The Creator’s Update introduces a new feature that changes the color temperature of your screen at night time, which should help you sleep better and avoid eye strain. Switch it on via “Settings > System > Display.” Tap “Night light settings” to set it up (flick the schedule on, and use the recommended sunset-sunrise setting, which changes based on your location and the time of year).

46. MASTER TOUCH GESTURES
If you have a touchscreen or touchpad, you should make use of gestures. Swipe with two fingers to scroll, for example, or swipe with three fingers horizontally to move between open windows, or vertically to shift between Task View and hiding everything but the desktop. Open the Mouse control panel, and check for a tab called “Device Settings,” where you may find options for customizing your own gestures.

47. SPEED UP REMOVABLE DRIVES like USB DRIVE on Windows 10
If you are willing to give up the ability to safely remove drives without ejecting them first, you can enable writing caching on the drive for a speed boost. Open Device Manager, then double-click your target drive under “Disk Drives.” Switch to the “Policies” tab to make your choice.

48. SWITCH PLAYBACK DEVICE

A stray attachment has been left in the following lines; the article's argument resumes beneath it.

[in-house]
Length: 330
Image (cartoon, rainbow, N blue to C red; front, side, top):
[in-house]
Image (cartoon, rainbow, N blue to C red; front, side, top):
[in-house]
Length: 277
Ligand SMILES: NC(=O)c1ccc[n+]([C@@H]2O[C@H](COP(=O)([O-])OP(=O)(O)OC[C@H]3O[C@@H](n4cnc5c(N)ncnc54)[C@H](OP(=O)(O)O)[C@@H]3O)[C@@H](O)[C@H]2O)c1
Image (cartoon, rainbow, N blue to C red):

Most problems regarding lost sound can usually be traced to Windows switching the playback device. Quickly review (and change) the current playback device by clicking the Taskbar Notification area’s audio device icon. Click “^” to reveal all available devices, and select the correct one to bring your sound back.

49. BECOME A DIGITAL MEDIA SNOB
Windows 10 now comes with native support for MKV, HVEC, and the lossless FLAC audio format. Open Windows Media Player, and click “Rip settings > Format > FLAC (Lossless)” to make it the default choice for future CD rips, ensuring they’re stored at maximum quality.

50. GET AN ENERGY REPORT
Open the Command Prompt, type “powercfg –energy,” and then hit Enter. Now double-click the energy report.html file that’s been generated (in your Windows\System32 folder) to get an overview of the energy-saving capabilities of your computer and its peripherals. The report can help you to root out potential issues with sleep and hibernation. It’s also worth checking suspect devices through Device Manager, where you should look for a “Power Management” tab, which enables you to prevent certain devices from bringing your PC prematurely out of standby.